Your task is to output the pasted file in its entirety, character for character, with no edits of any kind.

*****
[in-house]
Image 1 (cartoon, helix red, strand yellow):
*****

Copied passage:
[in-house]
Image 1 (cartoon, helix red, strand yellow):